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Clinical Investigations: PULMONARY HYPERTENSION |

Arterial Oxygenation Associated With Portopulmonary Hypertension*

Karen L. Swanson, DO; Michael J. Krowka, MD, FCCP
Author and Funding Information

*From the Divisions of Pulmonary and Critical Care (Dr. Swanson), and Gastroenterology and Hepatology (Dr. Krowka), Mayo Clinic and Mayo Graduate School of Medicine, Rochester, MN.

Correspondence to: Michael J. Krowka, MD, FCCP, Mayo Clinic E18, 200 First St SW, Rochester, MN 55905; e-mail: krowka@mayo.edu



Chest. 2002;121(6):1869-1875. doi:10.1378/chest.121.6.1869
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Study objectives: To characterize arterial oxygenation in patients referred to Mayo Clinic for liver transplantation with a diagnosis of portopulmonary hypertension (portoPH).

Design: Prospective study.

Setting: Liver transplantation program and pulmonary hypertension clinic in a tertiary referral center.

Participants: Twenty consecutive patients with abnormal pulmonary hemodynamics documented by right-heart catheterization (mean pulmonary artery pressure [MPAP] ≥ 25 mm Hg, pulmonary vascular resistance [PVR] ≥ 120 dyne·s·cm−5, and pulmonary capillary wedge pressure [PCWP] ≤ 15 mm Hg). Liver transplant candidates with normal pulmonary hemodynamics via screening Doppler echocardiography (n = 40) served as control subjects. A subgroup of patients underwent postural and inspired 100% oxygen blood gas analysis, contrast echocardiography, and technetium-labeled macroaggregated albumin (99mTcMAA) lung/brain scanning to identify and quantitate the degree of intracardiac or intrapulmonary shunting.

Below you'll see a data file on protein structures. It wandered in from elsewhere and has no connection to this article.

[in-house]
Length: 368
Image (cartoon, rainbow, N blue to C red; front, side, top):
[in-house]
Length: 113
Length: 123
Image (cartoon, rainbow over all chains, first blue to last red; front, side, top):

Measurements and results: portoPH was moderate to severe (MPAP > 35 mm Hg) in 18 of 20 patients (90%). Arterial-alveolar oxygen pressure gradient (P[A-a]O2) was abnormal (≥ 20 mm Hg) in 16 of 20 patients (80%). Pao2 was abnormal (≤ 70 mm Hg) in 3 of 20 patients (15%). Pa02 was significantly less and P(A-a)O2 was significantly greater compared to control subjects (p < 0.001). All patients had normal 99mTcMAA brain uptake (< 6%) and negative transthoracic contrast echocardiographic findings. No significant correlations were found between oxygenation and hemodynamic variables (MPAP, PVR, PVR index, and transpulmonary gradient).

Conclusions: Arterial oxygenation associated with portoPH was frequently abnormal and significantly worse when compared to patients with normal pulmonary hemodynamics by Doppler echocardiography. Hypoxemia, as measured by Pao2 and P(A-a)O2, was usually mild even in the setting of moderate-to-severe portoPH.

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